by Patrick Appel

Andrew Exum is starting an Afghanistan Strategy Dialogue and asking readers to participate. The question:

Is the war in Afghanistan in the interests of the United States and its allies? If so, at what point do the resources we are expending become too high a cost to bear? What are the strategic limitations of U.S. counterinsurgency doctrine and operations? And if the war is not in the interests of the United States and its allies, what are U.S. and allied interests in Central Asia – and how do you propose to secure them?

Marc Lynch responds:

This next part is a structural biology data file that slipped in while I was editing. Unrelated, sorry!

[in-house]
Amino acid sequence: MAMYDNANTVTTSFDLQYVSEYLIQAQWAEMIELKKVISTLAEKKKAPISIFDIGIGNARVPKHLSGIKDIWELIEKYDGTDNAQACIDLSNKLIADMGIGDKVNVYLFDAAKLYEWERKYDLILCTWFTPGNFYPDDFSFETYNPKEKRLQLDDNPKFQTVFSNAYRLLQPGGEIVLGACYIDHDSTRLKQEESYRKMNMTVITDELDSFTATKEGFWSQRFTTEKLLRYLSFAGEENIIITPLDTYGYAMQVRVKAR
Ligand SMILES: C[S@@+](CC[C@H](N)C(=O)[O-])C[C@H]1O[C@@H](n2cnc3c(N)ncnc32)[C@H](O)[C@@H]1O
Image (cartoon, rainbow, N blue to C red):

I have an open mind on these questions, want the U.S. mission to succeed, and have a great deal of confidence in the Obama national security team.  I know that there have been a number of policy reviews at all levels of the government on Afghanistan strategy, and that most of the questions I can raise have already been discussed at one or the other.   But at the same time, I find the strategic rationale for escalating the war in Afghanistan extremely thin, and the mismatch between avowed aims and available resources frighteningly wide.  What are the strategic reasons for expanding the commitment in Afghanistan?  Why should the US be committing to a project of armed state building now, in 2009?    

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